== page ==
Health Disparities Research at NIA
NIA seeks to understand the environmental, sociocultural, behavioral, and biological drivers of health inequities and disparities related to aging and diseases such as Alzheimer’s disease and related dementias. We support research to develop strategies for the improvement of health among midlife and older adults in underrepresented groups who experience health inequities or disparities. These priorities are outlined in NIA’s strategic directions for health disparities research and reflected within NIA’s Health Disparities Research Framework.
Learn about NIA-funded research on health disparities:
- NIA Research on Health Disparities
- Diversity Among Participants in NIA-Funded Clinical Research
- NIH-Wide Initiatives Into Improving Health Disparities Research
NIA Research on Health Disparities
Many complex and interconnected factors can affect older adults’ health and quality of life. To develop and implement effective interventions to address health disparities among various populations, NIA supports and conducts research to:
- Identify and understand environmental, social, cultural, behavioral, and biological factors that create and sustain health disparities among older adults.
- Develop strategies to promote active life expectancy and improve the health status of older adults in diverse populations.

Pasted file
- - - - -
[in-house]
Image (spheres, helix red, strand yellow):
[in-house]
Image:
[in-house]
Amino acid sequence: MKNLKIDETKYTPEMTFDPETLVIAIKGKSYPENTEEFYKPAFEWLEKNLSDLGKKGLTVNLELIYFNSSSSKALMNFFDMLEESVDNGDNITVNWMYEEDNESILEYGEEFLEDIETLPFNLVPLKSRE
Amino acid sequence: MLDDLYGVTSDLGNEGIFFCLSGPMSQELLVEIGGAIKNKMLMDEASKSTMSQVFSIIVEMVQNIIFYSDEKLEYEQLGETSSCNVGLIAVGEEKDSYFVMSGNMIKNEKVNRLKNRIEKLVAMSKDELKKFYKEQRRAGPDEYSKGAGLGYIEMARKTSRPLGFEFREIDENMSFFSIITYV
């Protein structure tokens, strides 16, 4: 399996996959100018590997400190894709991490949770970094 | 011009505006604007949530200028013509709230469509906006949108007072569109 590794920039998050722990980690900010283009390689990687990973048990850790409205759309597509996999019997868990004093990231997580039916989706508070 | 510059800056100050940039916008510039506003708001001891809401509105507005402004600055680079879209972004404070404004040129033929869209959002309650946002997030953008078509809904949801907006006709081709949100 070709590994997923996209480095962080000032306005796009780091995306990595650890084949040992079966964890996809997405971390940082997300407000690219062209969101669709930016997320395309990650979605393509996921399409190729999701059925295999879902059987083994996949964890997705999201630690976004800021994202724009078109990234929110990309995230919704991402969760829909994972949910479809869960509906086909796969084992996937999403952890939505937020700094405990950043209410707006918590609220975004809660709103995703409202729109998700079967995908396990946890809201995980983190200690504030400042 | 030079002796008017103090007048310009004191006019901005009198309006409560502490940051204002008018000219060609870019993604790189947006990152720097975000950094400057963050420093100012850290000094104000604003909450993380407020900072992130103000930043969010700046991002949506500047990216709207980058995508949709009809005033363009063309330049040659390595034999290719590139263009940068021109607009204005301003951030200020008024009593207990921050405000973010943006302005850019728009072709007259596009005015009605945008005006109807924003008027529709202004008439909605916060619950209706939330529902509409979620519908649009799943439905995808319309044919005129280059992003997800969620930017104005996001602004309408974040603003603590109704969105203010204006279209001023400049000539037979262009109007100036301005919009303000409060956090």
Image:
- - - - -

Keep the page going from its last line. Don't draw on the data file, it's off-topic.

- Develop and implement strategies to increase inclusion of underrepresented populations in aging research.
- Support research on women’s health, including studies of how sex and gender influence aging processes and outcomes.
Explore NIA’s health disparities research resources below:
- Funding Opportunities: Researchers interested in health disparities and aging research can contact program officers for specific areas of interest, and learn how to find NIA funding opportunities, apply for grants and funding, and how the NIA peer review process works. Also see a full list of NIA funding opportunities, including opportunities focused on Alzheimer’s and related dementias and for small businesses.
- NIA Health Disparities Research Framework: The framework is overseen by the Office of Special Populations (OSP) and outlines four key levels of analysis related to disparities research — environmental, sociocultural, behavioral, and biological — with priority focus areas in each category. Using the framework as a guide, NIA has awarded more than $250 million in research awards since 2015 to explore and address these determinants of health disparities related to aging.
- National Plan to Address Alzheimer’s Disease: This plan provides a framework for reaching our nation’s goal of effectively preventing and treating Alzheimer’s and related dementias by 2025. To this end, NIA led the development of implementation research milestones, which include research on health disparities in Alzheimer’s and related dementias and recruitment and participation of diverse participants clinical studies.